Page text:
Part three, 1916: Canada participates in the Battle of the Somme, one of the bloodiest battles in history and the conflict that introduces the tank, yet papers back home are preoccupied elsewhere. In the United States, the presidential election of 1916 brings out opposing viewpoints and results in a narrow re-election victory for President Woodrow Wilson.
Part four, 1917: The Battle of Vimy Ridge often is called Canada’s coming of age, but is that how contemporary newspapers viewed the victory? Meanwhile, President Woodrow Wilson, after years of pledging American neutrality and his re-inauguration, declares war on Germany.
Part five, 1918: Armistice is declared at last, ending the Great War. However, joy is tempered by the Spanish Flu pandemic.
Delight tempered by disease.
On Nov. 11, 1918, the war ends, prompting spontaneous and boisterous parties to erupt in cities throughout the United States and Canada.
Joy follows the deadliest month of the Spanish Flu Pandemic, a pandemic that would kill more Americans and Canadians than the war.
Part five in the A Tale of Two Nations: Canada, U.S. and WW1 series. The series explores journalism history by examining how newspapers reported on the war, painting a picture of the war as our ancestors knew it.
Like two years earlier, 1917 is a chaotic spring.
Canadian troops easily take their objective at the Battle of Vimy Ridge. The battle would later be called Canada’s coming-of-age. While newspapers at the time do not use this term, there is a definite sense that something important has occurred.
U.S. President Woodrow Wilson ran for re-election on the pledge that he kept the U.S. out the war. However, as submarine warfare increases, Wilson decides now is the time to enter the conflict.
Part four in the A Tale of Two Nations: Canada, U.S. and WW1 series. The series explores journalism history by examining how newspapers reported on the war, painting a picture of the war as our ancestors knew it.
One nation shows valor on the battlefield. Another goes to battle at the ballot box.
The Battle of the Somme drags on in Europe and witnesses a new weapon of war – the tank. The battle receives sparse coverage back home, however, as Canadians are preoccupied with a variety of homefront problems.
Meanwhile, the United States goes to the polls in a close election that pits Democrats against Republicans and Republicans against Democrats and Progressives. Suffragists also seize the moment and hope to gain universal suffrage for women on all three parties’ planks.
Part three in the A Tale of Two Nations: Canada, U.S. and WW1 series. The series explores journalism history by examining how newspapers reported on the war, painting a picture of the war as our ancestors knew it.
Spring 1915 is consumed with two traumatic events.
Canadian troops endures a trial by fire at the Second Battle of Ypres. While the Canadians are ultimately successful – to the pride of their countrymen – the battle marks the first widespread use of chlorine gas. The gas moves across the ground like a yellow-green fog, damaging the mucus membranes and causing asphyxiation.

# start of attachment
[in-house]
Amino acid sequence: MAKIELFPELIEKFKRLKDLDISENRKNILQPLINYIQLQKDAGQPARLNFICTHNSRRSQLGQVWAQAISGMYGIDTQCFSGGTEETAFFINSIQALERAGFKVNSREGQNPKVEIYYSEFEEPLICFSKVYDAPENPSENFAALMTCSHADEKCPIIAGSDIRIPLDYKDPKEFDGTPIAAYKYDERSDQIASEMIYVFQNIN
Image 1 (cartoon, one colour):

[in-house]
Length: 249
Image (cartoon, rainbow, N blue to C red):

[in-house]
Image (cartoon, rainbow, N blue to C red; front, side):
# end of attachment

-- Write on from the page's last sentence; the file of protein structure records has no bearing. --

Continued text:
Meanwhile, Americans are rocked by the torpedoing of the Lusitania, an ocean liner that, like the Titanic, was thought to be unsinkable. The sinking costs the lives of nearly 1,200 including women, children and babies, and splits the United States into two camps – those who want war and those who still believe in neutrality.
Part two in the A Tale of Two Nations: Canada, U.S. and WW1 series. The series explores journalism history by examining how newspapers reported on the war, painting a picture of the war as our ancestors knew it.
The story of two North American countries that found themselves embroiled in an European war – one by circumstance and one by choice.
June 28, 1914, Archduke Franz Ferdinand, the heir to the Austrian-Hungarian Empire, and his wife Sophie are shot and killed by Slavic nationalist Gavrilo Princip in Sarajevo, Bosnia. At first, the event is only of regional interest, but soon war clouds are enveloping Europe.
In Canada, the news is met with excitement and pride. The nation commits 20,000 to 30,000 soldiers to Great Britain within two to three weeks, and there is a surplus of recruits.
Meanwhile, in the United States, the government is focused on isolationism and neutrality. Capitalists and newspapers scheme about how Americans can profit from a war, and tourists refuse to change their plans.
Part one in the A Tale of Two Nations: Canada, U.S. and WW1 series. The series explores journalism history by examining how newspapers reported on the war, painting a picture of the war as our ancestors knew it.
Considering starting a business? Unsure where to begin?
Starting your own business is one of the most empowering things you’ll ever do, especially if you’re a woman. It’s also one of the most challenging. Business ownership is fraught with pitfalls ̶ lack of planning, funding, marketing skills, dedication and passion.
Enterprising Women: A Practical Guide to Your First Business is a handbook highlighting the basics of launching a startup.
In Enterprising Women: A Practical Guide to Your First Business, you’ll learn about:
- how to decide what type of business to start
- writing business and marketing plans
- naming and running your business
- financing and legalities
- the perils of self employment
Melina Druga interviewed nearly 100 female entrepreneurs and asked them several career defining questions including the one people don’t talk about: Did you struggle when starting your business?
The businesswomen did not disappoint, speaking candidly about failure as well as success, self doubt and what the process of launching a business taught them.
Despite coming from various walks of life and different regions of the world, the women experienced similar struggles and learned comparable lessons.
In addition, the majority were mothers, some even grandmothers, who needed to strike a balance between business and family, and most did not start their professional careers with the intent of becoming small-business owners.
In Enterprising Women: Practical Advice for First Time Entrepreneurs, you will read advice on:
- Women and business ownership
- Discovering what type of business to open
- The importance of business planning
- Support during difficult times
- Asking for help
- Taking care of yourself
You’ll also read about:
- What the process of starting a business taught the entrepreneurs
- Struggles the entrepreneurs faced
- The advice they give you as you begin your entrepreneurial journey